Another case is a man, who complained, he said, “I can’t stand all this compulsive morality: ‘You must do this; you mustn’t do that!’  It’s against life; it’s a limitation of expression.”  He was director of a sizeable company.  The teacher said to him, “When you approve one of the plans, what do you do, how do you prove it?”  The man said, “I write ‘right’ and just initial it.  The teacher said, “Oh, show me”.  So the man dashed off this word, ‘right’, drew a line under it and then his two initials.  The teacher said, “Why have you put that line under it?”  The man said, “Well, the fact is, in my experience, the company like to feel that the director is a man who knows his mind, and that line gives the feeling that the man had made a decision.”  So the teacher said, “Well, why not just make the line?”   “Well, that would not convey the meaning.”   The teacher said, “By spelling out all those letters, R-I-G-H-T, don’t you feel you’re limited, you’re constricted – there’s no free expression of this tremendous will. You’re held to those letters, that have got to be like that.” The man said, “Of course, I write them very quickly, but the letters have to be recognisable; they can’t be so far away from the printed form that they’re unreadable.”  The teacher said, “It’s the same with these rules; we’re not expected to keep to them, like a robot mechanically.  There is a freedom of expression in them, but it mustn’t be so far away that the meaning is not conveyed.  Your expression will be through these very limitations, just as your expression of the word ‘right’ is through the limitations of those letters, but you have a special way of writing them which conveys your whole inner self.”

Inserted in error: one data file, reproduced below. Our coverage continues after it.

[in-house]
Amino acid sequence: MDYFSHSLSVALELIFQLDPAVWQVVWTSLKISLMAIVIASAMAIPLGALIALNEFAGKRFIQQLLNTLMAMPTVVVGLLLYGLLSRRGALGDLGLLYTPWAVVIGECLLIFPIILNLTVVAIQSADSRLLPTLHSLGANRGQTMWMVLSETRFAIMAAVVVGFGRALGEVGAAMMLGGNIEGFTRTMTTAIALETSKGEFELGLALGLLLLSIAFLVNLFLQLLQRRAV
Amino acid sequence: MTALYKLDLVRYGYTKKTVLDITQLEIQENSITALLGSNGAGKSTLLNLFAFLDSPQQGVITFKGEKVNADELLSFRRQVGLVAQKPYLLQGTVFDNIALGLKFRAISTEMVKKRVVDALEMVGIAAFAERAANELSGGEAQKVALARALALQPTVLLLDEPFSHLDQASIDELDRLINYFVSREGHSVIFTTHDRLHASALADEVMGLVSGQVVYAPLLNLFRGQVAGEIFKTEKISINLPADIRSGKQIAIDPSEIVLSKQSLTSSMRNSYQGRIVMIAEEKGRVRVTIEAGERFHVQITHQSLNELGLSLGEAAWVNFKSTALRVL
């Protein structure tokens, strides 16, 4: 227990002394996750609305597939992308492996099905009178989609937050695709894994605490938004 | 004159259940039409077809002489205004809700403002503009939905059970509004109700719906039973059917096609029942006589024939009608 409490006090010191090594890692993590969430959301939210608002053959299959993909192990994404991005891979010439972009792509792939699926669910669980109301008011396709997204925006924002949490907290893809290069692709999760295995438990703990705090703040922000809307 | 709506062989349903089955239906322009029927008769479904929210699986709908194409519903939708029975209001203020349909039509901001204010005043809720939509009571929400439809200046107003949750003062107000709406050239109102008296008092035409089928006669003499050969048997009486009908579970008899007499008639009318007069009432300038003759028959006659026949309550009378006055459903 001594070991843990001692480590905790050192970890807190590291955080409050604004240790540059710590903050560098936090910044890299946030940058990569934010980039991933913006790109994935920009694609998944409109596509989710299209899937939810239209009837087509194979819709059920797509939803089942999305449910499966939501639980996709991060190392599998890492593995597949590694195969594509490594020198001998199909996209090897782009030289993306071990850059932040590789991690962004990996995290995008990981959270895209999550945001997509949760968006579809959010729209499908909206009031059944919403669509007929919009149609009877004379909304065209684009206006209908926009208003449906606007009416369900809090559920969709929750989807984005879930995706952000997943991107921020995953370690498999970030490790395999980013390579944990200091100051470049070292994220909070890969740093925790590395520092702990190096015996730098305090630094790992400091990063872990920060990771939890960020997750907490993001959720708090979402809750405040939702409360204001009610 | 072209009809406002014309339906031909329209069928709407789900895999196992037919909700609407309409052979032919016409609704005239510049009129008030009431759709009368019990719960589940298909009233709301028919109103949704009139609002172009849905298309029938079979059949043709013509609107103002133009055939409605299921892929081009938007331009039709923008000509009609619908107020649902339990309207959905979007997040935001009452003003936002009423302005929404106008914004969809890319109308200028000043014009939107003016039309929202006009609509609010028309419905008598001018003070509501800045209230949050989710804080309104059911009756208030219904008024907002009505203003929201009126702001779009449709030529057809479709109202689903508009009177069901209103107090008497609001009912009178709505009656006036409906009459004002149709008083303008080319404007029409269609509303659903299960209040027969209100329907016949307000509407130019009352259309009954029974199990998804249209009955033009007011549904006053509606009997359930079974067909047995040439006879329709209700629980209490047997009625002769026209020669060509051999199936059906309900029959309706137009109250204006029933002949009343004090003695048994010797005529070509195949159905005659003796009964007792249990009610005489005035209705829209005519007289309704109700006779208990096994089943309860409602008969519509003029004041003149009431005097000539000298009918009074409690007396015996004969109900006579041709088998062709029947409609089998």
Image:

There’s a reproduction of a famous picture – this is one of the Chinese immortals, one of the gods. He represents the beauty of extreme old age; and yet there’s an inner radiance, which is shown by the artist.  The deer and the crane have got special symbolic meanings.  The pine tree is an evergreen – even under the weight of snow the pine tree’s green always.  All these things have a meaning for the picture. There’s something under the white, the hare and the deer – there’s something that’s green.  These two children (in those days they used to shave the heads of small children), a boy and a girl are bowing to him.  The meaning is: within this, there is this, there is what Shankara calls ‘the upspringing youthful life’.  Though the movements are limited, there’s an expression of eternal youth in it, through these limitations. This is somehow, the artist says, expressed more clearly.

There’s a poem, not by the artist, but it’s probably by a woman – they invented their own style of calligraphy, which very few men can do, and it says, “Though what you are doing may be a menial task, if there’s a purity, a clarity in your heart, the gods will manifest themselves there.”